Ellen Davis-Walker | 25 April 2017
Mathieu Kassovitz’s 1995 box office sensation La Haine has long been credited with propelling French hip hop on to the global stage. Drawing on original material by Ministère AMER, NTM and MC Solaar, the film’s soundtrack managed to capture the sonic traces of social unrest on the fringes of French society. Whilst France’s victory in the 1997 FIFA World Cup seemed to mark a momentary coming-together around the inclusive slogan ‘Black-Blanc-Beur’ (Black, White, Arab), the contentious and fractured question of national identity has continued to dominate the country’s musical and political landscape ever since. 
The emergence of rap au féminin (female rap) over the past decade marked a significant step in the development of multi-faceted ‘French’ identity. While anglophone female artists of the early 2000s were predominantly focused on debunking ‘the sexual and material objectification faced by women in the industry,’  this article will ask how rap au féminin has offered artists the possibility to explore both what it meant to be a woman in this period, and what it meant (and still means) to be French.
By the end of 2006, Diam’s second album Dans ma bulle had sold more than any other CD in France that year (more than 800,000 copies), paving the way for a new generation of emerging rappeuses. Yet the most striking feature of Dans ma bulle was not the gender of its composer, but rather its ability to navigate the multiple fractures, and facets, of French identiy. In Marine, Diam penned a reconciliatory yet nonetheless damning letter to then little-known far right politician Marine Le Pen.
The album’s chart-topping track Ma France à Moi likewise simultaneously critiqued and celebrated the image of the Black-Blanc-Beur nation that was globally revered in the latter part of the 90s, with lyrics like ‘Celle qui pue le racisme mais qui fait semblant d’être ouverte.’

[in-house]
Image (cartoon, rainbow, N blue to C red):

Diam’s decision to leave the music to industry in 2011 following her (well documented) conversion to Islam sent shock waves across the staunchly laic realms of the French media.  This public negotiation of her personal identity seemed to bring into sharp relief some of the more problematic dimensions of France’s secularism (and its uneasy relationship with Islam and its former North African colonies). Perhaps the most unsettling quality of Diam’s message, at least for French audiences, lay in its ability to shed light on historically maligned factions of both its past and present. This uncomfortable, transgressive quality of rap au féminin is something we see mirrored in Kerry Arkana’s 2011 track V pour vérités, wherein Arkana denounces ‘Des flics armés au racisme colonial et des principes honorables écrasés car ça ne pense qu’au dollar.’ 
Sianna’s 2016 track La vie va ainsi offered an equally unsettling portrait of the difficult relationshup between Frenchness and blackness — a thread woven effortlessly across her debut album Coeur de Diamant. Like Diams, Sianna uses rap as a space to problematise her ‘French’ identity, stating that: ‘Chez les çais-fran j’suis une renoi, chez les renois j’suis une française donc j’vis une vie d’métisse.’ 
As France enters the final weeks of an exceptionally divisive election campaign,  the messages that can be gleaned from the disruption (and re-construction) of national identity feel more important than ever. Although Diam’s final single, Enfants du désert, makes for chilling listening in the wake of Marine Le Pen’s entry into the second round of elections (‘Triste pays qui compte sur les voix de Le Pen’ ) the energy and re-generative quality of France’s female hip hop scene must be celebrated as an important site of resistance. Rap au féminin allows artists to move beyond the problematic gendered prism of its own label, allowing for new visions of French identity and French territory (and the ever-undulating relationship between the two) to emerge. It is a genre that is free to dictate its own terms and where undoubtedly, to quote Sianna, ‘le meilleur reste à venir.’ 
My research looks at how cultural artefacts promote public engagement with colonial memory in Paris, Brussels and Beirut. Outside of 50 George Square I research the impact of transnational migration on women, edit some articles about feminism, and panic at the prospect of being asked the time in Arabic. Find out more here: https://twitter.com/E_daviswalker
Article edited by Bridget Moynihan.
English Translations and Works Cited
 Durand, Phillippe. Black, Blanc, Beur: Rap Music and Hip-hop Culture in the Francophone World. Scarecrow Press, 2002.
 Keyes, Cheryl L. Rap Music and Street Consciousness. Chicago: University of Illinois Press, 2002.
 ‘The France that stinks of racism but pretends to be open.’
 ‘Police armed with colonial racism, and principles crushed because we think more about dollar than honour.’
 ‘With the Frenchies I’m a black girl, and with the blacks I’m a French girl, I live a mixed up life.’
 ‘(that) country spoken for by the Le Pen’s.’
 ‘the best is yet to come.’